In the article “Management Folklore and Management Science” by J. Scott Armstrong and Richard H. Franke write:  Management contains folklore. By folklore, I mean techniques and concepts that managers adopt without any formal evaluation of their effectiveness simply because others use them. Some folklore prove useful, whereas,  others are harmful.  Research that tests management folklore is valuable… consider an analogy to medical science. Folklore (e.g., do not sit in a draft, get lots of rest, or eat an apple a day) is tested along with new treatments, and the testing is replicated and extended. Ideally, those who do the replications and extensions strive for objectivity. Such a process helps to determine which treatments are useful. Management folklore probably developed as a way of recognizing certain– beliefs, customs…; what seem to be obvious. In research by J. A. Lee; he examined popular management techniques and concluded that much folklore are simply; common beliefs. An example of folklore used in management is Maslow’s ‘hierarchy of needs’, which was adopted based mainly on the argument that it made sense.  Another example of management folklore is the ‘experience curve’, which states; ‘costs decrease as cumulative production volume increases’. Here, advocates advise managers to increase production to gain economies of scale and, in cases, that can prove to be harmful to the company.  Many researchers have successful careers by doing research that supports folklore. For example, the 1995 Nobel in economics recognizes the claim that people have rational expectations about the future (some are folklore). Similarly, many findings in psychology appear to be based on common sense. In research by W. Mischel; he asked fourth and sixth-grade students to predict the outcome of 17 classic experiments in psychology…  the students correctly predicted the outcome for 12 of them (suggesting that much folklore is just common sense). Folklore is probably the most important and well-acclaimed component of the cultural heritage of a nation, people, company… as such, the truthfulness in folklore must be supported, but also, the falsehood in folklore must be exposed…

In the article “Business Folklore: Origin of the Expression– You are Fired!” by Nagesh Belludi writes: The term ‘fired’ is a colloquial expression for dismissing a person from employment. It became more popular owing to the TV reality show ‘The Apprentice’ where the host, Donald Trump, eliminates contestants for a high-level management job by ‘firing’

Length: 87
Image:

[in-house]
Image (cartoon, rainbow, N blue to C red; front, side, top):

them successively. Indeed, in 2004, Donald Trump filed a trademark application for the catchphrase– You’re fired! Some sources suggest that the term may have originated from the expression ‘fire a gun’ as in ‘discharge a gun’. However, legend has it that the term
‘you’re fired’ originated, in the 1910s, at the National Cash Register (NCR) Company by John Henry Patterson (1844–1922) who was widely recognized as the pioneer of sales management and for developing formal methods for training and assessing sales persons. Nevertheless, Patterson, for all his genius, was quirky. He often dismissed employees for trivial reasons just to break their self-confidence and recruited them back soon after. John Patterson’s employees and customers branded him abusive and confrontational. Patterson once dismissed an executive by asking him to visit a customer then when the executive returned, to NCR headquarters, he observed his desk tossed out onto the lawn. Where upon, at the right time, his desk burst-out into flames: He was ‘fired’. Famously, NCR’s star sales executive, Thomas Watson Sr. met a similar fate. In 1914, Watson argued that NCR’s dominant product, mechanical cash registers, would soon go obsolete and proposed that NCR develop electric cash registers. Peterson resisted the idea and demanded that Watson focus on sales and not worry about innovation. Following an argument, Patterson  in a fit of anger, had workers carry Watson’s desk outside and had it lit on ‘fire’, thus Thomas Watson Sr. was ‘fired’. Thomas Watson Sr. then joined a smaller competitor, named IBM… there Watson led IBM for forty years and turned IBM into the world’s leading technology company. The stories of being ‘fired’ at NCR by Patterson became folklore.

Folkloristic is the term preferred by academic folklorists for the formal, academic discipline devoted to the study of folklore. The term itself derives from the nineteenth-century German designation folkloristik (i.e., folklore). In scholarly usage, folkloristic
represents an emphasis on the contemporary, social aspects of expressive culture, in contrast to the more literary or historical study of cultural texts. According to Dundes, folkloristic work will continue to be important in the future and writes, ‘folklore is universal: there has always been folklore, and in all likelihood there will always be folklore.’ According William A. Wilson, the study of folklore is not just a pleasant pastime for whiling away idle moments. Rather, it is centrally and crucially important in our attempts to understand our behavior and that of our fellow human beings. According to Patrick Jory; while the study of folklore is important for full understanding of ‘humanity’, I have to admit that I have no idea what it has to do with ‘management’ and why we should study folklore in order to ‘manage’ people. Peter Drucker says, management; in the last analysis, means the substitution of ‘thought’ for brawn and muscle, ‘knowledge’ for folklore and superstition, and ‘cooperation’ for force.

Folklore and myths are cultural. Ethnic groups of every country have their beliefs and views and they are gradually changing as societies evolve…